The problem with public information
Are investors “mad” to follow CNBC’s Mad Money host Jim Cramer’s stock advice? Would they be better off without media’s insights? New research suggests they would.
“People put an enormous amount of weight on information delivered via the media,” says Haas Prof. John Morgan. “As a result, investors become less likely to use the information in an optimal fashion to price the stock. The cost of our markets functioning based on mispriced stocks is greater than the benefits of having public information.”
In the working paper “Experiments on the Social Value of Public Information,” Morgan and co-author Donald J. Dale of Muhlenberg College suggest that policymakers must balance the costs of transparency with the effects of distorted information.
“The ‘echo chamber’ effect of public information can ruin the way the market should function,” says Morgan.
For this study, undergraduates participating in a stock trading game were given two types of private information: high quality/reliable and low quality/less reliable, correlating with fundamental information (a stock’s intrinsic or true value, not market value). Later, they were given public information. Participants tended to overweight the low-quality information in all rounds of the experiment.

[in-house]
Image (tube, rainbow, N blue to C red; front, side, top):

“It places investors on the horns of a dilemma,” says Morgan. “We would all be better off cooperating but our individual interests are strong. If everyone else is following the news story, then most people think the best thing they can do for their investment strategy is to follow along even if they know they may be wrong.” —PT